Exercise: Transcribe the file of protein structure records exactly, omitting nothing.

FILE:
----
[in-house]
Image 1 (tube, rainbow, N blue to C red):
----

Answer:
[in-house]
Image 1 (tube, rainbow, N blue to C red):